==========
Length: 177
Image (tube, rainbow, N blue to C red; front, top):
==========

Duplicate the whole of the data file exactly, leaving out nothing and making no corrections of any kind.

Length: 177
Image (tube, rainbow, N blue to C red; front, top):